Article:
Real estate: Adjusting to the new market

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While popular opinion held that higher mortgage interest rates would cool housing prices, that’s not the reality here. Prices are high, inventory is low, and it’s a whole new market to adjust to in Seattle real estate.

It’s a logjam. Despite being in a strong seller’s market, few houses are on the market. Analysts describe a neutral market as having between four to six months of inventory. Our area of Seattle has 1.7 months of inventory available.

With rates high, many people who would otherwise sell and move up in the market are standing pat, looking at their current low mortgage rates and unwilling to take on a loan with a higher percentage. Instead, they’re drawing on their equity for home improvements. The few houses that do come on the market find buyers ready to pounce.

It’s unlikely we’ll see much of a change unless interest rates are cut.


If you’re looking to buy, it’s frustrating. The few turn-key properties available get swarmed. Multiple offers come in, and they’re competitive — no contingencies, lots of cash. This is where buyers have to get smart, and their brokers have to get scrappy. Now, more than ever in my career, is when the right well-connected broker can make the biggest difference for a buyer.

My team has completed a handful of private transactions in the early part of this year, properties that never came on to the multiple listing service. We had buyers with specific wants and needs. We used our network to find houses that owners would sell if the price and conditions were right, but weren’t in any real hurry. We knocked on doors, talking to homeowners. We got the deals done. The buyers got the homes they wanted. Sellers signed the contracts, got cash, bought somewhere else or stayed in town, renting until the logjam breaks. Our success came from market analysis, years of relationships with other brokers and former clients, and plain hard work. That’s what it takes right now.


Relocations are driving much of the real estate market now. Folks who need to move versus those who want to. Those who need to are controlling and creating most of the transactions in this first part of the year. It’s new hires transferring to Seattle or someone who needs a better commute as companies impose more return-to-office policies. There are also relocations going out of the Seattle area.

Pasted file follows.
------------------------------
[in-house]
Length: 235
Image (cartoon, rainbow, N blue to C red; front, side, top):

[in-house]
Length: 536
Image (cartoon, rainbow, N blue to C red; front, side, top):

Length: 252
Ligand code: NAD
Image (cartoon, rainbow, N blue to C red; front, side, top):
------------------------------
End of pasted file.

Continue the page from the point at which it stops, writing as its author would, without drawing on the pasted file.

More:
With more than 20 years of experience in relocations, my team and I have a network of brokers across the country. I’ve had clients contemplating a move, or the purchase or sale of property out-of-state who ask “How do I find another you where I’m going?” My answer is simple, “You don’t, I will.”

I know top brokers in every part of the country, and if I don’t already know them, I find them. I give clients a list of three brokers to interview before making their decision. I’ll advise them on the interview and choices, and line up the other help they may need, like tradespeople for repairs or sprucing up, stagers, photographers, and movers.

Over my career, I’ve helped hundreds of buyers and sellers across the country accomplish their moves. Often it’s after or instead of the relocation help offered by their employers because the clients were dissatisfied. It’s understandable. Typical relocation work doesn’t attract the top brokers. Big relo companies working for big employers take away significant portions of broker’s commission, while adding at least seven times more work. It doesn’t make financial sense, so too often clients get worse service and more hassle from indifferent brokers. Moving is stressful enough, so my team and I make sure the details are handled.


If you’re selling now, you can’t just stick a sign in the yard and wait. To get the best price, and buyers who will pay it, your home and property need to be in great shape.

We just sold a 3,000-square-foot house in Denny Blaine. Though it was on a sloped hill, it was a to-the-studs remodel, with top-notch details and quality. This made all the difference. It was listed at the very top of the comp scale. We had three brokers scrambling to make offers immediately and the house sold in 24 hours, over asking price with no contingencies. That’s what turn-key condition does.

Spending before you sell right now will net you a higher price and better terms from buyers.

If you don’t have the cash on hand to pay for those improvements but still want or need to move, we have resources to help make it happen. We work with third-party companies that will help. They’ll see what needs to be done to make the property market-ready and bid those jobs out. Sellers sign a contract for a loan to cover the cost, then the loan is repaid at closing. Again, if sellers want to achieve the best price, the investment is worth it.

My team and I work with our clients to put them at the advantage for their unique wants and needs. We’re experienced, data-driven, and prepared to do the hard work. My office, team, and home are here in Madison Park, and we love helping our neighbors make the right moves for them and their future. If you’ve got any questions about navigating this real estate market, let’s set up a time to talk.

Chris Sudore is a Madison Park Resident. Visit his website at or reach him at He is Managing Broker Coldwell Banker Bain | Global Luxury.